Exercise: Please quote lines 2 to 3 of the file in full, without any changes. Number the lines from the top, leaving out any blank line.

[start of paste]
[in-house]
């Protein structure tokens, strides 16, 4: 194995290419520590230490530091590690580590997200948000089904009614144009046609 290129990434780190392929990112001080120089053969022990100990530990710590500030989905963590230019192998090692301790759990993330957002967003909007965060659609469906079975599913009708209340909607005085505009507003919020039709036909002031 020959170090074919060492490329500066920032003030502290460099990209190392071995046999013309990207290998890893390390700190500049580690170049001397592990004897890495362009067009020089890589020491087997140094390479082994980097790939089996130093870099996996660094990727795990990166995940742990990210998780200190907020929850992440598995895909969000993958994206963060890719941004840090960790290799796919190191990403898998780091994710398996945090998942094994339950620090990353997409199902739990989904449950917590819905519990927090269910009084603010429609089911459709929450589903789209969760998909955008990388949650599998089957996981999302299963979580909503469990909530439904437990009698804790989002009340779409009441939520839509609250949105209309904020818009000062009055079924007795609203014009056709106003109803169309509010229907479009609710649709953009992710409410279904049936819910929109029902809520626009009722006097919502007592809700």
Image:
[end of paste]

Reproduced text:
């Protein structure tokens, strides 16, 4: 194995290419520590230490530091590690580590997200948000089904009614144009046609 290129990434780190392929990112001080120089053969022990100990530990710590500030989905963590230019192998090692301790759990993330957002967003909007965060659609469906079975599913009708209340909607005085505009507003919020039709036909002031 020959170090074919060492490329500066920032003030502290460099990209190392071995046999013309990207290998890893390390700190500049580690170049001397592990004897890495362009067009020089890589020491087997140094390479082994980097790939089996130093870099996996660094990727795990990166995940742990990210998780200190907020929850992440598995895909969000993958994206963060890719941004840090960790290799796919190191990403898998780091994710398996945090998942094994339950620090990353997409199902739990989904449950917590819905519990927090269910009084603010429609089911459709929450589903789209969760998909955008990388949650599998089957996981999302299963979580909503469990909530439904437990009698804790989002009340779409009441939520839509609250949105209309904020818009000062009055079924007795609203014009056709106003109803169309509010229907479009609710649709953009992710409410279904049936819910929109029902809520626009009722006097919502007592809700």
Image: